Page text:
In February, the U.S. Department of Health and Human Services (HHS) Substance Abuse and Mental Health Services Administration (SAMHSA) published the [section] 42 CFR Part 2 Confidentiality of Substance Use Disorder Patient Records Notice of Proposed Rule Making (NPRM), or "Part 2," in the Federal Register.
The NPRM aims to modernize and update the regulations at [section] 42 CFR Part 2 to afford patients with substance use disorders (SUDs) the opportunity to benefit from emerging multiservice care models that require enhanced exchange of health information.
In 1970, Congress passed the Comprehensive Alcohol Abuse and Alcoholism Prevention, Treatment, and Rehabilitation Act, and in 1972, passed the Drug Abuse Prevention, Treatment, and Rehabilitation Act; these applied general rules establishing the confidentiality of alcohol abuse patient records to drug abuse patient records. In 1987, the HHS secretary issued regulations, referred to as "Part 2," that describe the circumstances in which information about a substance abuse patient's treatment could be disclosed and used, with or without a person's consent. While the two acts and Part 2 regulation limited the availability of substance abuse records to insure that patients in a treatment program are not more vulnerable with regard to their privacy than those who do not seek treatment, SAMHSA noted that the new proposal is necessary because of the significant changes that have occurred over the past 25 years. The current regulations are not aligned to fit the advances in the U.S. health care delivery system, including new models of integrated care, and could put patients at risk of adverse consequences surrounding privacy protections. The proposal was also prompted to make the regulations more understandable and less burdensome.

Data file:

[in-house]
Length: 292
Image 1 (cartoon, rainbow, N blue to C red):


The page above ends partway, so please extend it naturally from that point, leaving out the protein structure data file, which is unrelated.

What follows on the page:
Developed through state and local members of APHSA's National Collaborative for Integration of Health and Human Services, as well as other affinity groups of the association, APHSA submitted formal comments to the NPRM noting the overall alignment of the NPRM with APHSA's policy and practice framework, Pathways. (1) Pathways outlines the desired future state of a transformed health and human service system. In doing so, the NPRM takes a step forward, toward enhancing the provision of holistic services for individuals with SUDS and balancing important security with privacy concerns.
Among APHSA's recommendations were that SAMHSA:
* Expand the...